use during
commercial sex

Access to free Limited Limited


condoms

Other risky Average number Average number 66% lived with


behaviours 15% married of clients 2-14 of clients 2-6 wife and children
Casual sex
partners include
transgender and
females

$ Mobile workers include truck drivers, motor taxi drivers, sailors, port workers, factory workers
Source: IBBS 2013 and * Technical report: 2013 Sero-sentinel surveillance and 2013 Rapid behavioural survey
D- Decrease, I - Increase
Population distribution by condom use
during last commercial sex, 2011

DFSW- HRM- High risk men


Source: IBBS 2011
Young people at risk- Negative impact on
demographic window of opportunity

20% of
population
15-24
Knowledge
about HIV
20% among
20-24 years
Summary
Increasing new HIV infections
Increasing trends among women and new
infections consistently high among low risk
women and probably increasing
Low condom use among high risk men (clients of
sex workers)
Increasing new infections among MSMs
Young people at risk and potential negative
impact on demographic window of opportunity
Section 2
HIV TRANSMISSION IN INTIMATE
PARTNER RELATIONSHIPS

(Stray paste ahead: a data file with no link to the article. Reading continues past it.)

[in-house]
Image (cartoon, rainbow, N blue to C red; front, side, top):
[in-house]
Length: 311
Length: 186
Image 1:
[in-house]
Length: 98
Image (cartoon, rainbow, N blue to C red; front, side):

HIV transmission among intimate partners
in Indonesia- key facts
 Intimate partnership refers to marriage
 HIV epidemic powered by men who buy sex, men who inject drugs
and men who have sex with men
 Evidence of transmission expanding to people who buy and sell sex
and wives
 15% IDUs, 46% of MSMs and 32% of mobile men buy sex. 15% of
MSMs are married (most likely their bisexual status is hidden from
their spouses) and 66% of mobile men live with families.
 No data on intimate partners of IDUs or sex workers. Information
on types of partners of MSMs is not known.
Projected total number of HIV
infections among various groups linked
to IDUs in Jakarta 2000-2020
HIV transmission among intimate partners
in Indonesia- key facts
 The data on HIV among married women is not available
 Less than 1 percent of ANC clients are tested for HIV and it
was found that 3 percent of those tested have been positive.
ANC Surveillance not done except in Papua (because of the
nature of the epidemic)
 HIV prevalence among pregnant women was estimated at
0.38 percent in 2012, and was expected to increase to 0.49
percent in 2016
 In Indonesia, it is estimated that about 4.9 million women are